What’s life like for a teenage LGBT furry fan in Iran?
by Patch O'Furr
The Iranian people seem pretty cool: Just last month, they were doing huge anti-austerity protests. Then they marched with over 1,000,000 to mourn the death of a military leader. Now they're demanding their gov't resigns after killing 176 civilians. https://t.co/2rzzxZ2l5O
— WHITEY OwO BULGER (@Kamunt) January 13, 2020
Governments are supposed to represent their people. Instead they often end up representing a few haves against many have-nots. It might put oligarchy and corporate greed first, or theocracy and military power. You can read between the lines of headlines about the USA vs. Iran.
But how often do people in both places talk to each other directly without borders, filters, propaganda, stereotyping, and forced conflict? And when they’re pitted against each other, what could these different societies possibly share in common?
Pizza time! Pizza battle! Which one do YOU prefer?
— Rastin 🌻 (@Rastin_Woof) January 7, 2020
Like pizza, you don’t need to speak the same language to love art. So furry fandom builds bridges around the world. That’s how Croc (@Microdile), a California furry, first made friends with Rastin (@Rastin_woof). Rastin is a 16 year old member of a generation living after the 1979 Iranian revolution, which put religion and laws together, unlike the USA which separates church and state (at least in theory.)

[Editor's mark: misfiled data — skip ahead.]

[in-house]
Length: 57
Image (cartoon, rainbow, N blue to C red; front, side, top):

In the following Q&A, Rastin uses forbidden internet contact to discuss forbidden topics — criticizing authority, oppressed LGBT identity, parents who don’t understand, and fandom that isn’t shared by anybody near him. His fursona species isn’t even tolerated (dogs aren’t loved pets in Iran.) What stands out more than differences is the universal stuff in common: creativity and self expression, and wishes to escape to a more peaceful world.